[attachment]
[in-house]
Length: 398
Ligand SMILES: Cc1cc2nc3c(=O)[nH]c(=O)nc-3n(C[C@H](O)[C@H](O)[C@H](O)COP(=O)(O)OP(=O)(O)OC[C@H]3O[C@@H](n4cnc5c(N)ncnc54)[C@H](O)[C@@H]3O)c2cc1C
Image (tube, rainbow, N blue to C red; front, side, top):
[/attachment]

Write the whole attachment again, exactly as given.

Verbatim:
[in-house]
Length: 398
Ligand SMILES: Cc1cc2nc3c(=O)[nH]c(=O)nc-3n(C[C@H](O)[C@H](O)[C@H](O)COP(=O)(O)OP(=O)(O)OC[C@H]3O[C@@H](n4cnc5c(N)ncnc54)[C@H](O)[C@@H]3O)c2cc1C
Image (tube, rainbow, N blue to C red; front, side, top):